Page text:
Today’s ID the Future spotlights Canceled Science: What Some Atheists Don’t Want You to See with a focus on the book’s look at our privileged planet Earth, and how its location in the galaxy and solar system, as well as various unusual features, makes it strikingly fit for life. Is it just “dumb luck,” as one scientist put it? Host Eric Anderson continues his multi-part conversation with the book’s author, Biola physics professor Eric Hedin, who suggests that “dumb luck” is more of a cop-out than an explanation, and that when one takes all the evidence together, a better explanation for our finely tuned place in the cosmos is a fine-tuner, a designing intelligence. It’s just a taste of the Read More ›

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An old man shakes hands with an opponent in a game of chess, he lost and acknowledges it.

Alfred Russel Wallace and His Friendly Battle with Darwin

On this ID the Future, science historian Michael Flannery continues discussing his newly updated Intelligent Evolution: How Alfred Russel Wallace’s World of Life Challenged Darwin. Wallace was co-founder with Charles Darwin of the theory of evolution by random variation and natural selection, but unlike Darwin he saw teleology or purpose as essential to life’s history, and a teleological view as essential to the life sciences. According to Flannery, Wallace’s views on the nature of the cell, the special attributes of humans, the irreducible nature of life, and the fine tuning of the universe hold up well today. He and Darwin disagreed on much of this, yet they maintained mutual respect. In this, Flannery says, the two are a great model Read More ›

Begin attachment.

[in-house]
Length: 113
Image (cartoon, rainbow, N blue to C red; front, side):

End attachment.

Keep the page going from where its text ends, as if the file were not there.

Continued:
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ID and the CSC Summer Seminar: Transformative

On this episode of ID the Future, host Emily Kurlinski interviews “Mary,” a PhD biochemistry student who tells about her experiences at the annual Center for Science and Culture’s summer seminar program in Seattle, and how her relationships there developed into a community of friendship, professional connection, and support. What about the charge that ID is a “curiosity killer,” tempting scientists to answer every natural mystery with a shrug and a “God did it”? Mary says ID had just the opposite effect on her. Her pro-design perspective actually led her to choose a career in research, and the conviction that nature is a meaningful and purposeful affair makes her more eager and optimistic about uncovering deeper layers of order and Read More ›

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Exoplanet in deep space

Cosmos: Possible Worlds and the Copernican Demotion Myth